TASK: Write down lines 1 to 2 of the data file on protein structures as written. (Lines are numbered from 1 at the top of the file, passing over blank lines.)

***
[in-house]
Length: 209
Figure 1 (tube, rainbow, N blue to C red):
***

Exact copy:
[in-house]
Length: 209